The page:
Fatherhood is a complex, challenging, yet rewarding experience. If you’re a father or a father figure, relax this Father’s Day with this meditation script for fathers.[Read more…] about Monday Meditation: A Meditation Script for Fathers
Lessons I Learned From My Father About Parenting
Now that I have kids of my own, I have come to appreciate the delicate balance of discipline and affection that my father had to maintain in handling us, his own children. Fathers have their special parenting challenges that are different from mothers.[Read more…] about Lessons I Learned From My Father About Parenting
Millennial Dads: How To Strengthen The Bond Between You And Your Child
Millennial dads came when the world wasn’t looking. Yes, at their current age range, most millennials have become parents to Generation Alpha kids. While mothers of any generation take naturally to child-rearing and bonding (we carried them in our wombs for nine months, after all,) dads, in general, do not have this inherent ability.[Read more…] about Millennial Dads: How To Strengthen The Bond Between You And Your Child
Best Fatherhood Quotes: A Tribute to All the Dads Out There
Father’s Day is the special day of the year when all of us can show our love and appreciation to our dads. While I believe that we should do this all year round (just like with Mother’s Day), it does not hurt to designate a specific date to pay tribute to our fathers – more than usual. After all, it is quite a feat to balance fatherhood and a career, and even the simplest gesture of appreciation will make our fathers’ day.
This year, Father’s Day falls on June 21, so there’s ample time to plan something special for your fathers. Whether it’s a material gift, an experience, or extending an olive branch, it doesn’t matter. One thing is for sure: your dad will greatly appreciate the gesture.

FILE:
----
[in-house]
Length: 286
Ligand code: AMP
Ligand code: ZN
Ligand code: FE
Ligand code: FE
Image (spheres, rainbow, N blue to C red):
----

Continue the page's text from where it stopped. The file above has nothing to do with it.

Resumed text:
In anticipation of Father’s Day, I’ve gathered some of the most heartwarming and best fatherhood quotes. While some may not be able to relate to them, now is a good time as any to reflect on your relationship with your dad. You never know what might come out of it.
1. I believe that what we become depends on what our fathers teach us at odd moments, when they aren’t trying to teach us. We are formed by little scraps of wisdom. – Umberto Eco, Foucault’s Pendulum
2. The monsters are gone.”
“I killed the monsters. That’s what fathers do.”
– Fiona Wallace
3. I cannot think of any need in childhood as strong as the need for a father’s protection. – Sigmund Freud quotes
4. My father gave me the greatest gift anyone could give another person, he believed in me. – Jim Valvano
5. My dear father; my dear friend; the best and wisest man I ever knew, who taught me many lessons and showed me many things as we went together along the country by-ways. – Unknown
6. Certain is it that there is no kind of affection so purely angelic as of a father to a daughter. In love to our wives there is desire; to our sons, ambition; but to our daughters there is something which there are no words to express. – Joseph Addison
7. My father didn’t tell me how to live; he lived, and let me watch him do it. – Clarence Budington Kelland
8. When a father gives to his son, both laugh; when a son gives to his father, both cry. – Unknown
9. A dad is someone who wants to catch you before you fall but instead picks you up, brushes you off, and lets you try again. – Nishan Panwar
10. I’ve had a hard life, but my hardships are nothing against the hardships that my father went through in order to get me to where I started. – Bartrand Hubbard
11. A working definition of fathering might be this: fathering is the act of guiding a child to behave in ways that lead to the child’s becoming a secure child in full, thus increasing his or her chances of being happy and fruitful as a young adult. – Clyde Edgerton
12. My dad is my best friend, my father, and my boss. When I do something that is exciting and he likes it, it feels three times as good as you can imagine. – David Lauren
13. When my father didn’t have my hand….he had my back. – Linda Poindexter
14. The older I get, the smarter my father seems to get. – Tim Russert